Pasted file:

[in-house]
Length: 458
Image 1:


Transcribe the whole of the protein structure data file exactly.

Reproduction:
[in-house]
Length: 458
Image 1: